Genealogists are sometimes able to find out the name of the places where their ancestors lived and worked. American genealogists who are learning about ancestors who lived in a foreign country might think that the place names sound strange. Have you ever wondered what the name of your ancestor’s place of birth means in “plain English”?
Irish Central is the largest Irish site in North America. Part of the its focus is to tell stories about Irish culture, roots, history, and genealogy. It is also a leading source for news and politics from Irish America and Ireland.
The name of a specific place is often due to a variety of situations. Ireland has a long history of having its native kingdoms supplanted by invading Vikings, Norse, English, and others. The place names of Ireland’s counties has been affected by the various cultures that lived on that particular piece of land.
In 2012, a group of Irish genetic researchers set out to try and find a genetic link between Ireland’s oldest families and the Vikings that once took over the land. The researchers focused on men who were over the age of 18 and who had an “established” Viking surname. In June of 2015, Ancestry.com posted a blog that showed a map of the UK that was color coded to indicate the amount of Scandinavian genetic ethnicity in various places.
Irish Central has two very interesting maps for genealogists to take a look at. The top map is one of modern Ireland, with the place names as you would expect them to be. The second map is also of Ireland, but it shows the names of each place in “plain English” (based on the actual meaning of the modern place name.)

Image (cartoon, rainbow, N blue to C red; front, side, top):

What we know of today as County Donegal was once part of what was called Ulster. Donegal means “stronghold of the foreigners”. The “foreigners” were the Vikings. Donegal was also known as Tir Conall which means “the land of Conall”.
Kilkenny was established in 1200. It means “church of Cainnech” and was named in honor of St. Cainnech. Much of what is known about him is from legend. Saint Cainnech of Aghaboe was a Gallic abbot, monastic founder, priest, and missionary during the early medieval period. It has been said that he converted Ireland to Christianity in 597.
Some of the other places had more practical names. Wexford got it’s name from the Norse term for “fjord of the mud flats”. Derry was once called Doire, which means “oak wood”. Cork was established in 1200. It means “swamp” or “marsh”.
Image by Normal B. Leventhal Map Center on Flickr.
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